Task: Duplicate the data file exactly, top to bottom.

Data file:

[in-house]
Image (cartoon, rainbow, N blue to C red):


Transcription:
[in-house]
Image (cartoon, rainbow, N blue to C red):